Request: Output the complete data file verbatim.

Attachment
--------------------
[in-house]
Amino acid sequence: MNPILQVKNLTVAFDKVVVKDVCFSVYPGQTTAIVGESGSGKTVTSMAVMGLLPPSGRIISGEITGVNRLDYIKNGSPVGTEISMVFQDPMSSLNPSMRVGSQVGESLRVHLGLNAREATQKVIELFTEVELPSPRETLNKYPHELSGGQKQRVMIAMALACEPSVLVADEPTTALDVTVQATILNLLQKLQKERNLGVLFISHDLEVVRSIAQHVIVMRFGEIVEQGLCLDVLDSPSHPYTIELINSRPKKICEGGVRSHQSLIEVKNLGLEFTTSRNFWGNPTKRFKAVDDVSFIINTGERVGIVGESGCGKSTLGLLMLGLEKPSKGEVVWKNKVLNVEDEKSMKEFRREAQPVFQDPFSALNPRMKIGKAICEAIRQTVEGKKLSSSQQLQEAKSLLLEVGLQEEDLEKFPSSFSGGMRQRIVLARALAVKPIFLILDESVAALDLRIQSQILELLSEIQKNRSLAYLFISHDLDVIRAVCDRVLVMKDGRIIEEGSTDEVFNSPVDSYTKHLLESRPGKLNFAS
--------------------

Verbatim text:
[in-house]
Amino acid sequence: MNPILQVKNLTVAFDKVVVKDVCFSVYPGQTTAIVGESGSGKTVTSMAVMGLLPPSGRIISGEITGVNRLDYIKNGSPVGTEISMVFQDPMSSLNPSMRVGSQVGESLRVHLGLNAREATQKVIELFTEVELPSPRETLNKYPHELSGGQKQRVMIAMALACEPSVLVADEPTTALDVTVQATILNLLQKLQKERNLGVLFISHDLEVVRSIAQHVIVMRFGEIVEQGLCLDVLDSPSHPYTIELINSRPKKICEGGVRSHQSLIEVKNLGLEFTTSRNFWGNPTKRFKAVDDVSFIINTGERVGIVGESGCGKSTLGLLMLGLEKPSKGEVVWKNKVLNVEDEKSMKEFRREAQPVFQDPFSALNPRMKIGKAICEAIRQTVEGKKLSSSQQLQEAKSLLLEVGLQEEDLEKFPSSFSGGMRQRIVLARALAVKPIFLILDESVAALDLRIQSQILELLSEIQKNRSLAYLFISHDLDVIRAVCDRVLVMKDGRIIEEGSTDEVFNSPVDSYTKHLLESRPGKLNFAS